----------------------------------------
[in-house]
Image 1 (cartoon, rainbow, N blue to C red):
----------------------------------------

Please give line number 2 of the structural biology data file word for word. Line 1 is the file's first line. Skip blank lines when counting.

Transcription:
Image 1 (cartoon, rainbow, N blue to C red):